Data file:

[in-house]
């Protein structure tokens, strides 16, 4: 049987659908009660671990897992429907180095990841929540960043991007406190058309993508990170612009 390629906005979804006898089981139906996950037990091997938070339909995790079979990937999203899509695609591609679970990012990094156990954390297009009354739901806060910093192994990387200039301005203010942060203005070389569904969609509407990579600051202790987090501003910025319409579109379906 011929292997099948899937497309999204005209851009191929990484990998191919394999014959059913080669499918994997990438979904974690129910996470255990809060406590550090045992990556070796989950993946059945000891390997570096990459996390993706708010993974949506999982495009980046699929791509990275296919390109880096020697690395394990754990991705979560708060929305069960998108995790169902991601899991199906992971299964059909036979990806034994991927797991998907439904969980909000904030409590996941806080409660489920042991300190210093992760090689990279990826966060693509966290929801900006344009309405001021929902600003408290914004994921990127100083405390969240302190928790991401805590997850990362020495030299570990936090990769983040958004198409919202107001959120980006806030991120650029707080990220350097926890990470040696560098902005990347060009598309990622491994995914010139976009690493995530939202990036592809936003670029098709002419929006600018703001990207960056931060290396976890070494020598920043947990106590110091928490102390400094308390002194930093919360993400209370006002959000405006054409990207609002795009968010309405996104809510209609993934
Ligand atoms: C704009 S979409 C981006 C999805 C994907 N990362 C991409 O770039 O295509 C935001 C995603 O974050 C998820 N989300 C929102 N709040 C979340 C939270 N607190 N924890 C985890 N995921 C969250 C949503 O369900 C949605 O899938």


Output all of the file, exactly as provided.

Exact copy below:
[in-house]
């Protein structure tokens, strides 16, 4: 049987659908009660671990897992429907180095990841929540960043991007406190058309993508990170612009 390629906005979804006898089981139906996950037990091997938070339909995790079979990937999203899509695609591609679970990012990094156990954390297009009354739901806060910093192994990387200039301005203010942060203005070389569904969609509407990579600051202790987090501003910025319409579109379906 011929292997099948899937497309999204005209851009191929990484990998191919394999014959059913080669499918994997990438979904974690129910996470255990809060406590550090045992990556070796989950993946059945000891390997570096990459996390993706708010993974949506999982495009980046699929791509990275296919390109880096020697690395394990754990991705979560708060929305069960998108995790169902991601899991199906992971299964059909036979990806034994991927797991998907439904969980909000904030409590996941806080409660489920042991300190210093992760090689990279990826966060693509966290929801900006344009309405001021929902600003408290914004994921990127100083405390969240302190928790991401805590997850990362020495030299570990936090990769983040958004198409919202107001959120980006806030991120650029707080990220350097926890990470040696560098902005990347060009598309990622491994995914010139976009690493995530939202990036592809936003670029098709002419929006600018703001990207960056931060290396976890070494020598920043947990106590110091928490102390400094308390002194930093919360993400209370006002959000405006054409990207609002795009968010309405996104809510209609993934
Ligand atoms: C704009 S979409 C981006 C999805 C994907 N990362 C991409 O770039 O295509 C935001 C995603 O974050 C998820 N989300 C929102 N709040 C979340 C939270 N607190 N924890 C985890 N995921 C969250 C949503 O369900 C949605 O899938």